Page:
By Dave Crawley

PITTSBURGH (KDKA) — Dozens of kids got the chance to see what it’s like to be a scientist out in the field.

They took part in Carnegie Museum’s newest interactive feature, learning about the Amazon, complete with an animal encounter.

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Visiting children watch as a spiny tailed iguana named Chiquita eats a banana.

They hear the stories of Jose Padial, the museum’s curator of reptiles and amphibians. He tells them abut his expeditions to the Amazon Basin of Peru.

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Students from the Environmental Charter School learn that the habitat of many species is threatened by the expansion of farmland into the rain forest.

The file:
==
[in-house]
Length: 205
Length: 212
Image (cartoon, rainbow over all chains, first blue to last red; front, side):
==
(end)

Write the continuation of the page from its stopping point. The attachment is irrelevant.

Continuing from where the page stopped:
“We need to constantly make the case for the conservation,” the curator explains. “Look, we have these important animals here. We have this diversity, and we need to protect it. And that’s how the museum plays a role in conservation there.”

Jose Padial says he’s discovered more than fifty new species in his three trips to the Amazon. But he added that you could find a new species yourself, closer to home. Much closer. The curator talked about one such discovery.

“A zoologist made a bet and said, ‘I’m going to be able to find a new species in my backyard.’ And he did. You just have to go to the small things that nobody’s studying, and you will find new stuff that nobody’s found before.”

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